- Assigning the imager to the rapid intervention team if firefighters are operating inside, due to the life risk involved in the operation.
- Aiding aerial operations with the TI in poor visibility and tight spaces.
- Aiding roof operations at night and in poor visibility.
- Assigning imagers to operating companies rather than to relief companies or chief officers.
Firefighters can review aspects of TI deployment. Ask members:
- Which companies are assigned thermal imagers?
- Where are thermal imagers and their spare batteries stored?
- Who on the thermal imaging companies is assigned to carry the TI?
- If the imagers are stored on chiefs’ cars, where are they and how do firefighters access them?
- If the company has a thermal imager, who carries it and where does it go if the company is first in? Second in? Fourth in?
Successful real-world deployment involves planning, creativity and practice. Plan the placement of imagers carefully, both in choosing which companies receive them as well as where they are placed on those companies. Mistakes are reversible, but the natural inertia of a fire department could prevent those improvements for weeks or months. Prior to permanently mounting the imager and its holder, make “dry runs” to evaluate the location.
Once the imager is mounted, ensure that all members who may be assigned to that company are trained on how to remove the imager, how to monitor charger status and how to operate the imager itself. Perform fireground operations, including scene-arrival drills, to practice carrying the imager while performing other tasks.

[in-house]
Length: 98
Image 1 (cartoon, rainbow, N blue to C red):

Plan your deployment before placing a thermal imager into service. The author’s experience around North America suggests that imagers on fire companies get more use than imagers on chiefs’ cars. Balance the extremes, determining which is more important:
- Having the imager arrive 10 to 15 minutes into the incident, but arriving on every scene.
- Having the imager arrive on the first or second company 60% of the time.
Unless a department has an imager assigned to every apparatus and chief, there will always be a balancing act. While having more than one TI on scene is optimal, for the reasons discussed earlier, most departments are forced to make choices. Choose a balance that emphasizes use, then work on getting more thermal imagers.
Jonathan Bastian is the thermal imaging training manager at Bullard. He leads the training team, whose primary effort is to educate the fire service on the safe and proper use of thermal imagers. Bastian is certified as a thermal imaging instructor by the Law Enforcement Thermographers’ Association (LETA), the international public safety organization specializing in thermal imager certification and training. He is also a member of the NFPA Technical Committee on Fire Service Training. Educated at Brown University and licensed as a high school teacher in Illinois, Bastian served 12 years on the North Park, IL, Fire Department, including the last three as a captain. As health and safety officer, he led the development and implementation of the department’s rapid intervention team SOG. Bastian is a certified Fire Instructor I and Firefighter III, and he spent 12 years as an EMT-I/D. He has taught classes on thermal imaging, rapid intervention teams, and search and rescue operations. Bastian is happy to answer any questions about thermal imaging; contact him at email@example.com.